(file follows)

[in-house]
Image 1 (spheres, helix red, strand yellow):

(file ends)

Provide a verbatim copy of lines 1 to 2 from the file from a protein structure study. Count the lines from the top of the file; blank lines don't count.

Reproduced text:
[in-house]
Image 1 (spheres, helix red, strand yellow):